The Lincoln Continental Will Get Suicide Doors
Rear-door-opening chauffeur not included.
Rumors of the Lincoln Continental's demise may have been greatly exaggerated. Despite slow sales, Lincoln's announcement at this year's National Automobile Dealers Association Show in Las Vegas proves it is committed to the esteemed full-size luxury car. The American automaker will soon reintroduce rear-hinged doors on the Continental—something it has not had in nearly 50 years.
First brought about on the 1961 Continental, the unconventional doors were borrowed from the 1951 Lincoln Cosmopolitan. The flashy feature was discontinued following the introduction of the fifth generation Continental in 1970. Although these doors have not been seen on a production model Lincoln since then, the luxury carmaker had teased their return on the 2002 Lincoln Continental and 2009 Lincoln C concept cars. Today, suicide doors are a signature look of Rolls-Royce and can be found on several models of the British coachbuilder's lineup.
Lincoln's news comes at a time when it is struggling to sell the Continental. Although the four-door sedan received glowing reviews, sales of the car, which starts at $45,160, have slumped. In 2016, 5,216 units were sold while 12,012 units were sold last year. According to Automotive News, "Continental sales have fallen 30 percent through the first two months of this year from the year-earlier period."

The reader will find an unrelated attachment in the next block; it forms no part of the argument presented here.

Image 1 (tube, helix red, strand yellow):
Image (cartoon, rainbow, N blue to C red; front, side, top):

Still, the Continental is earning its keep. Dealers have reported that the halo car effect is working. Buyers are walking into dealerships with the expectation of driving away in the Continental. Instead, they are taking the keys to something more wallet-friendly such as the MKZ which starts at $35,605. Too bad the MKZ won't have suicide doors.
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